I am going to take you to task on the idea that no one should be sending money to a life insurance company if they are not lacing out contributions to a qualified retirement plan. . . . certain regulatory bullies in the securities industry would have you believe otherwise

You err. FINRA's recently adopted suitability standards/guidelines for variable annuity sales generally require insurance companies to reject most non-qualified annuity applications from individuals who are not funding (especially not fully funding) any other retirement plan asset. It has nothing to do with lining one's pockets with money. It has to do with protecting the public from charlatans looking to separate people from their money. It can also be a conduct violation in variable life insurance sales.

The states are generally applying the same kinds of suitability standards to any annuity transaction with seniors, and to many other annuity transactions. Many insurance companies now have mandatory suitability paperwork that must accompany any annuity transaction, and some are applying to concept to their variable life insurance sales, too. Several companies I have represented required such suitability documentation long before FINRA ever did. It was always about doing the right thing for people, and never about the money.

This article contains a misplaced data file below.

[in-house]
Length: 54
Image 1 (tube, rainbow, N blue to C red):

The simple reason for FINRA's stance is that -- especially with regard to employer-sponsored plans -- it's easier to contribute when the money is taken directly from one's paycheck pretax than from one's checking account after-tax. It has little or nothing to do with the income tax implications of the plan itself.